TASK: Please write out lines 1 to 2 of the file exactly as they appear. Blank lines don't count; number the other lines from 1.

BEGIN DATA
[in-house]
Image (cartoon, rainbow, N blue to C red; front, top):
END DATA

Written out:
[in-house]
Image (cartoon, rainbow, N blue to C red; front, top):